The Supreme Court has not applied the unique circumstances doctrine since Wolfsohn, and subsequent case law effectively calls the validity of the doctrine into doubt. Since 1964, when Wolfsohn was decided, the Supreme Court has repeatedly emphasized that the time limits imposed by the Federal Rules are “mandatory and jurisdictional.” See, e.g., Griggs v. Provident Consumer Discount Co., 459 U.S. 56, 58 (1982); Browder, 434 U.S. at 257. In particular, we find great significance in Browder, where the Court did not apply the unique circumstances doctrine despite facts that were virtually on all fours with Thompson and Wolfsohn. As in Thompson and Wolfsohn, the petitioner in Browder delayed filing a notice of appeal in reliance on the district court’s consideration of an untimely Rule 59 motion. Nonetheless, the Supreme Court in Browder held that the court of appeals lacked jurisdiction over an untimely appeal because the petitioner’s motion in the district court for a stay and an evidentiary hearing (essentially a motion for rehearing or reconsideration) was untimely under Rule 52(b) or 59, and hence could not toll the running of the “mandatory and jurisdictional” thirty-day time limit for filing an appeal. Browder, 434 U.S. at 264, 271-72. Thus, on facts that would appear to fall within the unique circumstances exception, Browder’s unequivocal holding that the timely filing of a notice of appeal is “mandatory and jurisdictional” casts considerable doubt on the continued viability of the unique circumstances doctrine.
Indeed, our sister circuits have also questioned the vitality of the unique circumstances doctrine in the wake of Browder and other cases that stress the mandatory and jurisdictional nature of filing requirements. See, e.g., Pinion v. Dow Chemical, U.S.A., 928 F.2d 1522, 1529 (11th Cir. 1991), cert. denied, 502 U.S. 968 (1991); Kraus v. Consolidated Rail Corp., 899 F.2d 1360, 1362-63 (3d Cir. 1990); Parke-Chapley Constr. Co. v. Cherrington, 865 F.2d 907, 913 n.6 (7th Cir. 1989). Furthermore, four Supreme Court Justices have apparently rejected the unique circumstances exception outright:Petitioner asserts that [Harris, Thompson, and Wolfsohn] establish an equitable doctrine that sometimes permits the late filing of notices of appeal. Our later cases, however, effectively repudiate the Harris Truck Lines approach, affirming that the timely filing of a notice of appeal is “mandatory and jurisdictional.”
Houston v. Lack, 487 U.S. 266, 282 (1988) (Scalia, J., dissenting, joined by Rehnquist, C.J., O’Connor, J., and Kennedy, J.). We seriously doubt whether the Court would apply the doctrine if given the chance today. Nevertheless, “only the [Supreme] Court may overrule one of its precedents,” Thurston Motor Lines, Inc., v. Jordan K. Rand, Ltd., 460 U.S. 533, 535 (1983), and we must assume that the unique circumstances doctrine remains good law unless it is overruled by the Court. Cognizant, however, of the waning support for the doctrine, we read its requirements strictly, as our sister circuits have done. Consistent with our view that the unique circumstances doctrine has fallen into disuse, we have never before applied the doctrine to assert jurisdiction over an untimely appeal,4 and we conclude today that it does not apply in this case.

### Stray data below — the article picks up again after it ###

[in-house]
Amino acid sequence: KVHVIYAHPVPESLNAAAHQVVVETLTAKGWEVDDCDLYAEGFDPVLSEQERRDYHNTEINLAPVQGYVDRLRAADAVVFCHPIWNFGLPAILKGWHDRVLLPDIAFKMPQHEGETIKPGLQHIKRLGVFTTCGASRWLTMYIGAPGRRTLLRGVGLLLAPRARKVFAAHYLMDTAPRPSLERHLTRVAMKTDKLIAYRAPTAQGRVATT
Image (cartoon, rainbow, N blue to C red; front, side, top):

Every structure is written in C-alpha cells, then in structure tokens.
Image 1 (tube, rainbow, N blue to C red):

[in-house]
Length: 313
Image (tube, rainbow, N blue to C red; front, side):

In Osterneck v. Ernst & Whitney, 489 U.S. 169 (1989), the Supreme Court stated the unique circumstances doctrine as follows:5
[The unique circumstances doctrine] applies only where a party has performed an act which, if properly done, would postpone the deadline for filing his appeal and has received specific assurance by a judicial officer that this act has been properly done.
Osterneck, 489 U.S. at 179. The doctrine, by its terms, does not apply here. First, the act that appellants performed in the district court -filing an untimely Rule 59 motion accompanied by a motion to file out of time -can never be “properly done.” An untimely Rule 59 motion is never proper because the Rules expressly forbid an extension of time for such a motion. Thus, this case is unlike Harris, where the district court had authority under the Rules to extend the time for filing a notice of appeal and assured the moving party that the requirements for an extension had been properly satisfied. In strictly construing the unique circumstances doctrine, we decline to apply it to the present case, where the Rules bar an extension of time.
Second, the act of filing an untimely Rule 59 motion is not one that can “postpone the deadline for filing [an] appeal.” Osterneck, 489 U.S. at 179. As the Federal Rules and Browder make clear, only a timely motion under Rule 59 (among other specified rules) defers the time for filing a notice of appeal. Fed. R. App. P. 4(a)(1); Browder, 464 U.S. at 264.